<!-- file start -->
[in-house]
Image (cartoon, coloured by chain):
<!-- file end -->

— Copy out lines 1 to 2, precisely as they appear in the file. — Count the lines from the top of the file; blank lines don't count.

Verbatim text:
[in-house]
Image (cartoon, coloured by chain):